Empowering your employees is a clear signal of trust. The trick to granting authority while maintaining control is to know what is important to the business and what deserves your involvement. These are the things that you should focus on while delegating the rest to others in your organization.
Take purchasing, for example. The decision to spend thousands of dollars for equipment should be under your control. But you can assign smaller or routine purchases to an employee as long as you provide sufficient guidelines. Large corporations assign authorization limits to different levels in the organization, where a buyer has $25,000 in spending authority while a director can spend up to $500,000. A detailed budget can provide guardrails on spending.
Empowered employees make mistakes. You need to accept this risk so they will learn from these mistakes and strengthen your organization. Setting authorization limits will limit your exposure to this risk while still allowing employees the freedom to grow.
Establish effective guardrails of trust by building an organization of teams and capable team leaders. You can maintain control by assigning leadership to a trusted employee who has the right knowledge and experience and who has exhibited positive behaviors. This has the added benefit of enhancing the value of your business and reducing your day-to-day involvement in the business.
It takes a certain skill to manage teams through others. This includes setting clear limits of authority and having constant communication and emotional restraint. Establish policies that determine when a leader on your team can act and when they need to consult you beforehand. Work with the new leader to set team goals and require that they keep you posted on team activities, including both successes and failures.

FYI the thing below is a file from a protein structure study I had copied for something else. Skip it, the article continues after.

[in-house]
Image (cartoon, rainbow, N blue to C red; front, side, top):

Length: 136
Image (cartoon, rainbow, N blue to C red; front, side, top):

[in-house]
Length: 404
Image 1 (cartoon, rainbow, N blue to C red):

Resist the temptation to bypass the supervisor and manage the team yourself. Praise to the group and credit its leader when they succeed. But direct your disappointment at the leader when the goals aren’t met. This takes emotional maturity and constancy of purpose to empower your employees in this way, but in the long run, you will accomplish more with fewer sleepless nights.
Delegating team responsibility to others is the highest form of empowerment. To be successful, make sure the new supervisor embraces your guardrails and understands the important role they play in empowering others on their team.
Accounting processes often rely on the premise that you can’t prevent fraud but you can force collusion. This means you can control your risks by structuring the workflow so that more than one person is involved in certain areas of risk. People are far less likely to commit illicit behavior while others are watching.
An example of structural controls is the three-legged stool in accounting, where one person places purchase orders, another receives the goods and a third pays the vendor’s invoice. It would require all three employees to collude to commit fraudulent activity, so it’s less likely to happen.
A Final Note
One common source of mistrust among employees is the suspicion that the owner doesn’t care about them. Be genuine in helping employees succeed in their career goals, even if it means preparing them for their next job. Tie their success to the success of your company to encourage growth for both of you. You will probably find that 99 percent of your employees will respond with their trust. Just like they would with a smile.